That is not new to anyone here. Secular society is redefining love to serve its own intended good. Have you ever noticed when someone tries to do good outside of themselves it quickly turns into something which is “mutually beneficial” to both parties? Or it turns into a profitable material gain, propping up a brand or image? In Virtuous Leadership, Havard says to avoid “existential indifferentism”, an imagination of our consciousness perceiving greatness based on delusions and ego with “leadership” being a game or strategy of tactics and empty rhetoric to manipulate others. Sound familiar? How many “influencers” call themselves leaders in a space based on followers, likes, comments and use these metrics to say they are “great”. Radical individualism seeks to serve our own interests with no real desire to serve a truth or good. The problems we face in the world are much more than political ideologies. There is a lack of authentic charity, love that is grounded in God’s divine will, sacrificial in nature without the expectation of material gain.
We must work to change the hearts of individuals and respond with charity. We here know that real love is a sacrifice of self, self-giving to others. Our commitments begin at home, pursuing daily prayer, contemplation, examination, receiving the sacraments regularly. They lead to bettering ourselves for God’s work, sanctifying all that we do, forgiving others, showing mercy, gift of self to our spouses, children, parents, siblings, and friends. Leading our families in prayer, taking back Sundays, learning to use leisure so we can recharge our souls with God’s gifts. Then our commitments take shape in how we relate to others, showing empathy and compassion, reaching out to a stranger in need or even just demonstrating that we care enough to listen and help. One day, someone or something will ask or require you to act. There will be a voice in your heart and mind that says, “if not you then who”. But the “who” part will frighten you because it is God saying, “there is no ‘who’ there is YOU”.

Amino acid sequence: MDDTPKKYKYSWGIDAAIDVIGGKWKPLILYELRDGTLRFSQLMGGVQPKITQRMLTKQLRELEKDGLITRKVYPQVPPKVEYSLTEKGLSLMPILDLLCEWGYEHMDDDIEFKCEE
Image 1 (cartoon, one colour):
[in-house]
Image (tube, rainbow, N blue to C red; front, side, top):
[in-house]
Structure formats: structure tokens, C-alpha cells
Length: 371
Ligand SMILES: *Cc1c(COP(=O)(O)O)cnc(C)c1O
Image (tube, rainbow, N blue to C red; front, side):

TLI graduates are the arbiters of Catholic Action in this age, the response we desperately need to stand in the breaches of our communities. People are looking up to each of us to act and stand up for the dignity of each human being we encounter, even in the face of adversity. Our Baptism tasks us with this mission and our Confirmation strengthens us for the long haul.
Let us remember Christ’s ministry. Christ came to show the broken world that God is all loving and merciful when we orient ourselves to His will. Not everyone followed or believed Christ while He was here on earth. But the 12 that did were the arbiters of His message, inspiring countless other saints to follow His path. Every Saint acted out of charity giving themselves to people around them in service to God’s divine will. Let us remember we are not alone in our pursuits, that not only do we have God, His Son Jesus Christ, the Blessed Mother, St Joseph, St Michael, St Juan Diego, all the angels and saints, but also one another as a graduating class. I humbly ask each of us to remain vigilant with one another, support one another, hold one another accountable and most importantly to pray for one another. We can stand in the breaches of our communities as arbiters of our faith together because it is charity that will never separate us.